Turkish police confiscate Kurdish title at book fair in Batman

Turkish police have confiscated a book on a Kurdish uprising on display at a publisher’s stand in the southeastern Turkish city of Batman and detained the staff at the stand, according to a report by the Cumhuriyet daily on Tuesday.

The Avesta publishing house had been showcasing its author-historian Jalile Jalil’s book on Sheikh Ubeydullah and the Kurdish Uprising of 1880 at the second Batman Book Fair last weekend when Turkish police arrived to confiscate the book on the grounds that it had been banned.

Avesta released a statement saying this latest incident marks the 13th title to be banned this year alone. The publisher, which frequently releases academic works focused on Kurdish history and politics, said the ban was “arbitrary and unlawful” and called for an end to the prohibition.

The work by Jalil, a prominent Yazidi Kurdologist currently at the Academy of Sciences in Vienna, explored the uprising by Sheikh Ubeydullah against the Iranian Qajar regime in the late 19th century.

The sheikh is an early Kurdish nationalist figure who led an armed uprising against the Qajars in an attempt to establish a Kurdish state before being forced to retreat to Ottoman lands, where he finally surrendered.

Turkish repression of the Kurdish political movement has ramped up since fighting resumed between state forces and militants of the outlawed Kurdistan Workers’ Party (PKK) after peace talks broke down in 2015.

Turkish President Erdoğan: ‘He may be Kurdish, but…’

Meanwhile, Turkish President Recep Tayyip Erdoğan on Tuesday spoke up in defense of former Deputy Prime Minister Bekir Bozdağ, whose spat with chairman of the ruling AKP’s ally the far-right Nationalist Movement Party (MHP) Devlet Bahçeli over ethnicity is making headlines.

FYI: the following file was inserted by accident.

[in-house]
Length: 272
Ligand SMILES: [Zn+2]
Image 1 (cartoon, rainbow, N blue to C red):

A lawmaker of Kurdish origin, Bozdağ spoke out against the decision by the country’s Council of State to reintroduce the Student Oath into the country’s primary schools earlier this month, calling it a violation of both the constitution and the law.

“He may be Kurdish; however, he is a friend of ours who has served this nation,’’ Erdoğan said about Bozdağ during the AKP parliamentary group meeting on Tuesday.

Erdoğan’s statements follow those of Bahçeli, who said: “Mr. Bozdağ may say he’s Kurdish and he’s free to do so. There is nobody telling him what to do. … The Turkish nation has carried him to the best and highest of positions [in the state]. But don’t let him think that he can abuse the Turkish nation.’’

Erdoğan hit back at Bahçeli, saying: “How can you say that you are not prejudiced and then proceed to insult and threaten our friend who has served as a minister for years? We will not tolerate a threat against any of our friends.’’ Erdoğan added, “We don’t have any problem with Turkishness.’’

The MHP and the AKP have been at odds for the last two months over the MHP’s proposal for a general amnesty and a more recent debate about an oath reintroduced into primary schools this month, following a decision by the Council of State. (SCF with Ahval)

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